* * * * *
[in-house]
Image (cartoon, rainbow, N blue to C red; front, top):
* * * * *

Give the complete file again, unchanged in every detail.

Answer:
[in-house]
Image (cartoon, rainbow, N blue to C red; front, top):